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Slovenia approves South Stream pipeline

Author : Amy Hollamby

16 November 2009

Slovenia signed a deal with Russia on November 14th in support of the South Stream project, a massive gas pipeline running from Russia to Europe, the pipe will run through Slovenian territory. The South Stream pipeline is expected to be built by Russian gas giant Gazprom and Italian energy company Eni.

Slovenia approves South Stream pipeline
Slovenia approves South Stream pipeline

The pipeline will carry Russian gas under the Black Sea to Bulgaria and then branch into two stretches. The first stretch is expected to run southwest through Bulgaria and Greece to Italy, while the second stretch is expected to run northwest to Austria. The pipeline is scheduled to be completed by 2015, but Gazprom and Eni still have to raise billions of dollars to finance the project.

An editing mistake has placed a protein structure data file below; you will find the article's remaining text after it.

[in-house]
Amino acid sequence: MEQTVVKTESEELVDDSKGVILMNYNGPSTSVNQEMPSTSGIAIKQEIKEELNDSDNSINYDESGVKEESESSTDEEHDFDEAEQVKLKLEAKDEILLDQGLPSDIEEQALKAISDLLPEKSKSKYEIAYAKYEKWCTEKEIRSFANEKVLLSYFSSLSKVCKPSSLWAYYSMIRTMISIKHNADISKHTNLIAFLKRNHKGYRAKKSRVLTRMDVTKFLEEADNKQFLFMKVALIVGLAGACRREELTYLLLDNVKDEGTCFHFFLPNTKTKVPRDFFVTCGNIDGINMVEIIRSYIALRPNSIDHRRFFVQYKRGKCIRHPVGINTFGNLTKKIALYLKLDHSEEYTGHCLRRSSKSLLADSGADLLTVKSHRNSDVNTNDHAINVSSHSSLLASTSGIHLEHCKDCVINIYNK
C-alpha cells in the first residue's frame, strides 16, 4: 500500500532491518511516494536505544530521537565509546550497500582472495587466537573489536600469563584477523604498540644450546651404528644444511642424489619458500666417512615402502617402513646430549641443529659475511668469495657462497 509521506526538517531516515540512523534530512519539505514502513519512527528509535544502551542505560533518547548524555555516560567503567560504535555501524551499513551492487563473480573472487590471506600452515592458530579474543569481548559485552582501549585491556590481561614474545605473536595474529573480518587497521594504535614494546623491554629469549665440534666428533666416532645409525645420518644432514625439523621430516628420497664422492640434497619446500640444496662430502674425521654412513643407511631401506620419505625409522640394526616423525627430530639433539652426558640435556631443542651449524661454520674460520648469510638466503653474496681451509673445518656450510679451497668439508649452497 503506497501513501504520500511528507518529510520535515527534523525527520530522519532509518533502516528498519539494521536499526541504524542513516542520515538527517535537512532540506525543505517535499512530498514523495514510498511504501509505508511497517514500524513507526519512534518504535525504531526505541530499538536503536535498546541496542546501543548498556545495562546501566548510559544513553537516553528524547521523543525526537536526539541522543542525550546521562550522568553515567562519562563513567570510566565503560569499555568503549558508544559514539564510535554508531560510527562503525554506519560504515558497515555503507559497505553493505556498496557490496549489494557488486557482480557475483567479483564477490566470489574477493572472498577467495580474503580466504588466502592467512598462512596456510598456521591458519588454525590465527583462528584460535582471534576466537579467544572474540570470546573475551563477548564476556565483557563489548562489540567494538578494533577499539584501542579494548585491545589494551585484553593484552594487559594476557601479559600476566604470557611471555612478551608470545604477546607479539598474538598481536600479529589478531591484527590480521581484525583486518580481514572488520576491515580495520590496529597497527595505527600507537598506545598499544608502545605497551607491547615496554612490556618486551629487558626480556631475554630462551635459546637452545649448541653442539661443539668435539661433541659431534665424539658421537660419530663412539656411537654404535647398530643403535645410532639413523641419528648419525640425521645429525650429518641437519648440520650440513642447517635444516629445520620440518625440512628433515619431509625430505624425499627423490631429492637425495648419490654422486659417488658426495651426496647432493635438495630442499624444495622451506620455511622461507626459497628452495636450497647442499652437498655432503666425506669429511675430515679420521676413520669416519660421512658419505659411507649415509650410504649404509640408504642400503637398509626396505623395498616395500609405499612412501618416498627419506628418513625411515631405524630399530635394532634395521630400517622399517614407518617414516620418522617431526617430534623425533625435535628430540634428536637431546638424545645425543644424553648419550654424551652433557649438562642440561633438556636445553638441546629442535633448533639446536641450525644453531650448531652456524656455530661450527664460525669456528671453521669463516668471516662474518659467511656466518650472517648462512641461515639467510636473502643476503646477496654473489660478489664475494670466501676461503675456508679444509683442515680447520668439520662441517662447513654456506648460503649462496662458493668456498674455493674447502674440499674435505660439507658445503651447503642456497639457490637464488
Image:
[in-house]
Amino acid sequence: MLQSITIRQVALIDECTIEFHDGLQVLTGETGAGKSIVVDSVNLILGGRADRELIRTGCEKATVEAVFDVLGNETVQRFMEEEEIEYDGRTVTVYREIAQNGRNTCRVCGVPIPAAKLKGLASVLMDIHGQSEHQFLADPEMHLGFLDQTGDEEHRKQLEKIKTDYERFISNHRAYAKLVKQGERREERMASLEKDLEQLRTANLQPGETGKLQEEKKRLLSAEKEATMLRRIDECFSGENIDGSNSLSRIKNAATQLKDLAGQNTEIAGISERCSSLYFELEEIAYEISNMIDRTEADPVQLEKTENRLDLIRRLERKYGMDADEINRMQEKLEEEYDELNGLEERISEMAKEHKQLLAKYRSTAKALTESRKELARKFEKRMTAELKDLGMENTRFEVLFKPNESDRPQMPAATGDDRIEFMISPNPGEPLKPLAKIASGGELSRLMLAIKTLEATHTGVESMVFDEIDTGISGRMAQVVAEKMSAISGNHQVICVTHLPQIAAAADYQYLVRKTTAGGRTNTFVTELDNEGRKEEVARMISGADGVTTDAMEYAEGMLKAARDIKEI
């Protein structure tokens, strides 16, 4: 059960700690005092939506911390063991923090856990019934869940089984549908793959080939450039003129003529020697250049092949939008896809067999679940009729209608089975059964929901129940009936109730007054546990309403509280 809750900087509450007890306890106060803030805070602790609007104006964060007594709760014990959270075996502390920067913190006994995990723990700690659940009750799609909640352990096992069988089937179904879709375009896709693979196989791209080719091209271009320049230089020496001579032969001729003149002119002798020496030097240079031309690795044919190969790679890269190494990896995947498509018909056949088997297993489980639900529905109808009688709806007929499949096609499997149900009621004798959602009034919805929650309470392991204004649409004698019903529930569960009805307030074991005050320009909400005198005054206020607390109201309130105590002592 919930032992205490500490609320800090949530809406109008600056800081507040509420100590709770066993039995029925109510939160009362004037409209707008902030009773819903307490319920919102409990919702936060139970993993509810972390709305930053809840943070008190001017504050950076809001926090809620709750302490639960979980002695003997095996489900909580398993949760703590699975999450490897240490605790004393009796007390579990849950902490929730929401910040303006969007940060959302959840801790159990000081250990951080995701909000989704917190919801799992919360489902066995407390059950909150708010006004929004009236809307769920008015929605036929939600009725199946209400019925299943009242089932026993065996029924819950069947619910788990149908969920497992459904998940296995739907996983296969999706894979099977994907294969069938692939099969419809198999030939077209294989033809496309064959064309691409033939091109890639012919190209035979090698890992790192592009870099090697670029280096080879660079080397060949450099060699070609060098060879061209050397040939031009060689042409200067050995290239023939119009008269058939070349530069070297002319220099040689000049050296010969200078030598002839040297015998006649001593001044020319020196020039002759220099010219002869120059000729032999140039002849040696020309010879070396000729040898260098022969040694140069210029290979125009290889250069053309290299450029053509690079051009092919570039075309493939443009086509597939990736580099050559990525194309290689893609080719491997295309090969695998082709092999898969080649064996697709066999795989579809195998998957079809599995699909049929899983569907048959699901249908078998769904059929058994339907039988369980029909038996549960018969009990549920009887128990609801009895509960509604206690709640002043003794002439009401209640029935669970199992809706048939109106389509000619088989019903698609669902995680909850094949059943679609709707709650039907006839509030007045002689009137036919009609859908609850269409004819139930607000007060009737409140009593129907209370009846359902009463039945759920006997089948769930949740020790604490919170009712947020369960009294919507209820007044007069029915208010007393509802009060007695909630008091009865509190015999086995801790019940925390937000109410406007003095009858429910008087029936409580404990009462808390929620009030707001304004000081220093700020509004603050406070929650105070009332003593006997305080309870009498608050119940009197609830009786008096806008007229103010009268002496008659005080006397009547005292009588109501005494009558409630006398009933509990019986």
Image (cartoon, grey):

Serbia, Hungary and Greece have already agreed to take part in South Stream, in delivering gas from Central Asia and Russia to Central Europe and Italy through the Balkans. Gazprom has also invited Austria to join the project, but at present no response has been given.

Additionally, Russia is developing the Nord Stream pipeline, which is planned to run under the Baltic Sea from Russia to Germany. Sweden and Finland gave permission on November 5th for Nord Stream to pass through their waters, which followed an agreement with Denmark on October 20th over the project.

At present the European Union is vulnerable to the risks posed by disputes between Russia and Ukraine, particularly after the incident in January, whereby Ukraine cut off supplies of Russian gas to European countries in the middle of winter. The Nord Stream, and the South Stream pipelines, both bypass Ukraine and hence should ease any anxieties the EU has. However, the EU still feels threatened, and wants to reduce dependancy on Russian gas, and consequently supports the construction of an alternative pipeline, called Nabucco, which imports gas from Caspian Sea nations, such as Turkmenistan.

Slovenia's agreement to support the South Stream project, and the fact that the Nabucco project has been stalled by a lack of supply agreements, further undermines hopes by the EU to reduce its reliance on Russa.

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